A company of significance to all of Canada

When LNG Canada’s Joint Venture Participants – Shell, Petronas, Petro China, Mitsubishi and Kogas – made a final investment decision on October 1, 2018, it signified the culmination of seven years of community engagement and consultation with First Nations, local communities, all levels of government, the business community, regulators and countless others. It showed that British Columbia and Canada are open for business for a major energy project – a project that today represents the largest private sector investment in Canadian history.

Thinking locally and acting globally

Never has the adage, “Think Local, Act Global”, been more appropriate than the LNG Canada project. LNG Canada is constructing an LNG export facility in the traditional territory of the Haisla Nation, near the town of Kitimat, BC, on the west coast of Canada. British Columbia and Canada have some of the highest regulatory requirements and standards in the world, and to meet them, LNG Canada needed to ensure we addressed local issues and concerns, incorporated local and traditional knowledge, and had a comprehensive plan in place to minimize social and environmental impacts of a mega project.

At full build out, LNG Canada will have 4 trains or processing units, each with the capacity to process approximately 7 mtpa of LNG for export to countries in Asia and elsewhere. Our October FID was for the first two trains.

While we worked closely with First Nations at the facility and along the shipping route, and with local communities, our project is one of significance to all of Canada, so we needed to ensure we built relationships within and outside of the local area. At the peak of construction, LNG Canada, and Coastal GasLink, the 670-km pipeline required to transport natural gas from northeastern BC to our facility in Kiitmat, will need 10,000 skilled workers. This number of workers far exceeds what local communities can provide. Committed to keeping these jobs in Canada for local, BC and Canadian workers, LNG Canada understands the importance of meeting both local and national interests.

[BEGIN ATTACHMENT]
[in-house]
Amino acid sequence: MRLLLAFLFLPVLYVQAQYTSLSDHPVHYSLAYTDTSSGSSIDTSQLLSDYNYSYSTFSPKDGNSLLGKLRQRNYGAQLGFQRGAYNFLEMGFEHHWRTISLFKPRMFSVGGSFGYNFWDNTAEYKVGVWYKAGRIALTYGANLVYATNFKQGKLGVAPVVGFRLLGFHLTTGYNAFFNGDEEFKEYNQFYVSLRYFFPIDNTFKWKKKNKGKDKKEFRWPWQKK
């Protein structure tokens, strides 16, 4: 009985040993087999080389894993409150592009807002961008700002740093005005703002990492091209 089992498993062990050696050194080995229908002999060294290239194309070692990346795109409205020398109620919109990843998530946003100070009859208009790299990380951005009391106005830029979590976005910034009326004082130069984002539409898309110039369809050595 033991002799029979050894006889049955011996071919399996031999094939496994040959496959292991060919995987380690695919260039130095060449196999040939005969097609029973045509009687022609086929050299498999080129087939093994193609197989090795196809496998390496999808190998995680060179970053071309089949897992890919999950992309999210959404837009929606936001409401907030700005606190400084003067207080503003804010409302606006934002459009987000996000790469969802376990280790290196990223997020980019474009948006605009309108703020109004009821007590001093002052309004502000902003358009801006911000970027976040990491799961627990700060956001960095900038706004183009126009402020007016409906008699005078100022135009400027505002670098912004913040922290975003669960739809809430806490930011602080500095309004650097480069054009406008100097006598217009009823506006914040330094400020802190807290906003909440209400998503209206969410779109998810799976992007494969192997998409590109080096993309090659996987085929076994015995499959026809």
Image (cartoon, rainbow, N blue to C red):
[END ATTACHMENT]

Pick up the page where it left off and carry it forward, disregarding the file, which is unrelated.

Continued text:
Enabling the energy transition locally,
provincially, nationally and globally

We needed to think globally, as our project will enable the energy transition well beyond BC and Canada’s borders. Much of the LNG produced in our facility is destined for markets with a heavy reliance on coal to generate power – countries like China that account for about 30 percent of global CO2 emissions. By comparison, Canada accounts for 1.6%, so the responsibility falls to us to use our abundant supplies of natural gas to help the world displace the use of coal, and in the process, substantially reduce GHG emissions worldwide. The LNG produced at our facility, if used by China to displace the use of coal for power generation, would reduce GHG emissions by 60 to 90 mtpa. This is equivalent to closing down 20 to 40 coal- fired plants. This is also equivalent to all of the GHGs produced in British Columbia annually, and 10 percent of Canadian emissions.

LNG Canada has designed our project to achieve the lowest GHG emissions of any large-scale LNG facility currently in operations anywhere in the world – about 50 percent lower than the average facility.

Being trusted and valued

We have worked diligently since our project was first conceived for the LNG Canada name to be synonymous with raising the bar on safety as we aspire to be the Safest Project on Earth; to speak with an authentic voice and share information transparently with First Nations and local communities; to participate in effective First Nations and public engagement that results in a project moving forward and sharing value with them; and to create a workplace that celebrates diversity and inclusion.

Our Company has been investing in workforce development from the outset. We have committed that 25% of the workforce will be earmarked for apprentices – people new to the skilled trades or at the beginning of their careers in the construction trades. We are also reserving space for women to participate in much greater numbers than is typical on a construction site and have put programs in place to remove barriers to their participation.

We are creating a welcoming work environment for everyone.

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